Seoul is recognised as the role model for megacities with a will to change. With a leadership that dares to take bold decisions and a government that devises innovative problem-solving methods, the city has successfully turned itself around from a highly bureaucratic top-down city with rising tensions between the government and its people, into the inclusive, socially stable, and highly innovative city found today. As shown in Seoul’s successful and impactful high quality projects to repurpose urban infrastructure, the city has proven itself as an excellent example where leadership, commitment to citizen engagement, data-supported problem-solving decisions, and creative designs can transform the built environment, add vibrancy and improve quality of life.

Like many other cities that experienced a very fast pace of urbanisation, Seoul found itself confronting many urban challenges at its peak. Following the city’s democratisation in the 1990s, the government faced increasing resistance from a citizenry which had been largely left out of development decisions in the past, which could have brought the city’s developments to a screeching halt. Moreover, Seoul was burdened at that time with the task of providing for a burgeoning car-based society, which in turn led to other issues such as environmental degradation.

The city recognised that its relentless pursuit of economic success over a relatively short period of time was at the expense of quality of life, which could make the city lose its appeal quickly. Seoul overcame this through its election of successive visionary leaders in the 2000s who demonstrated strong political will to take on these challenges, and displayed foresight to implement a series of catalytic projects – such as Dongdaemun Area Regeneration to shift Seoul’s focus from traditional manufacturing to design – that would bring about benefits for the entire city. The city leaders understood that proper communication under the new circumstances was the way forward to achieve buy-in from both the people and stakeholders. Through rigorous engagement and negotiation with conflicting parties representing various interests including traffic disturbance, business losses, and historic restoration, the city formulated a set of conflict management strategies, which eventually led to a dedicated team of negotiators within the Seoul Metropolitan Government today and became the city’s “modus operandi” in urban development projects. These strategies help the city achieve impactful and effective results, and in turn win over even the most reluctant citizens over time, and align their aspirations with the city’s vision.

The Seoul Master Plan 2030 is a highly remarkable turning point in the city’s planning processes. Under the inspiring leadership of Mayor Park Won-soon, the city made the bold move to make citizen participation the norm of all plans, and bottom-up processes its primary focus. Ground-up processes are incorporated in day-to-day operations under the Community Governance Project where residents are given a say over local issues that affect their communities directly. Citizens can also decide the use of up to 5% of the entire city budget (or 55.5 million KRW) under the Public Participatory Budget System. Through regular monitoring and publishing of results in the press, and its exemplary use of big data in its decision-making to focus even on minute details, the city has ensured utmost transparency to its citizenry; no one is left out. The city not only managed to build trust with the citizens, but also assured them that engagement is not merely a token gesture, but one that will truly shape and reshape the future of the city.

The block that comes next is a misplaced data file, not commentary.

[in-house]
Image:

Seoul, particularly in its urban core areas, demonstrates boldness in shifting away from car-oriented transportation to people-centric spaces, a challenge that many cities are struggling with today. Seoul recognises that the transition from private cars to mass transit is not an overnight task and tackles this through a comprehensive set of measures and the use of big data, to make public transport as seamless and convenient as possible. Most notably, through the reclamation of public spaces for people from cars, such as the removal of an elevated highway to restore the former stream at Cheonggyecheon, the pedestrianisation of Yonsei-ro, and the conversion of the Seoul Station Overpass into Seoullo 7017 – a 1 kilometre-long lushly planted elevated walkway with pockets of activities along the way, the city sends a strong signal that the future of the city is one where people come first, not cars.

As megacities continue to mature and age, deterioration of its urban infrastructure is inevitable. Seoul is highly innovative in its approach to rejuvenate its modern heritage and is constantly seeking creative ways to inject vibrancy and a breath of fresh air into its urban environment, which the city termed as “development without demolition”. The projects Makercity Sewoon – a rehabilitation of seven commercial superblocks built in the 1970s through the sensitive insertion of new interventions and uses, and Mapo Culture Depot – a conversion of disused oil tanks into a cultural venue and public space, offer new perspectives in repurposing infrastructure while preserving collective memories of the people.

As cities become larger and more difficult to manage, achieving social sustainability may be a much bigger challenge than extending economic and environmental sustainability. Should Seoul not have taken the bold and unusual step to make its citizens the creators of their own city plan, it could have further aggravated the already built-up tensions between the people and the government, and orchestrated its own decline. By turning the people into active participants of the city’s development, Seoul demonstrated that a truly bottom-up city is possible, where the citizens own their shared city.